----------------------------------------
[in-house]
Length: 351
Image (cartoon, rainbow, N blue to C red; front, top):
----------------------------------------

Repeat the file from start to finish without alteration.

[in-house]
Length: 351
Image (cartoon, rainbow, N blue to C red; front, top):